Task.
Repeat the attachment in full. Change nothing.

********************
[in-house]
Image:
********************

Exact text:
[in-house]
Image: